Figure 12.13 Adjustment Rules for the Direct Method

Key Takeaway

  • The same four steps apply to preparing the statement of cash flows using the direct method as with the indirect method. The difference is in the operating activities section of step 1. In step 1, the indirect method starts with net income and makes adjustments to convert net income to a cash basis. The direct method makes adjustments directly to each income statement revenue and expense line item, thereby converting each line item to a cash basis. The resulting cash provided by (used by) operating activities is identical in both approaches.

Review Problem 12.9

Using the information presented for Phantom Books in Note 12.21 "Review Problem 12.4", prepare the operating activities section of the statement of cash flows using the direct method. Follow the format presented in Figure 12.12 "Operating Activities Section Using the Direct Method (Home Store, Inc.)", and refer to the adjustment rules in Figure 12.13 "Adjustment Rules for the Direct Method".

Solution to Review Problem 12.9

The operating activities section of the statement of cash flows for Phantom Books using the direct method is presented as follows. Notice that cash provided by operating activities of $82,000 shown here using the direct method is identical to cash provided by operating activities using the indirect method (shown in the solution to Note 12.21 "Review Problem 12.4").

a $756,000 = $750,000 sales revenue + $6,000 decrease in accounts receivable.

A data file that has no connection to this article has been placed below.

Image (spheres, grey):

b $560,000 = $546,000 cost of goods sold + $13,000 increase in inventory + $1,000 decrease in accounts payable.

c $75,000 = $79,000 operating expenses − $4,000 decrease in prepaid expenses.

d Since no interest payable balances exist this year or last year, the interest expense of $11,000 is the same as cash payments for interest expense.

e $28,000 = $30,000 income tax expense − $2,000 increase in income tax payable.

End-of-Chapter Exercises

Questions

  1. Why was the statement of cash flows created by the Financial Accounting Standards Board (FASB)?
  2. Describe the three classifications of cash flows, and provide examples of activities that would appear in each classification.
  3. Which section of the statement of cash flows is widely regarded as the most important? Why?
  4. Briefly describe the four steps required to prepare the statement of cash flows using the indirect method.
  5. Refer to the Note 12.15 "Business in Action 12.3" Why is the indirect method used by most companies?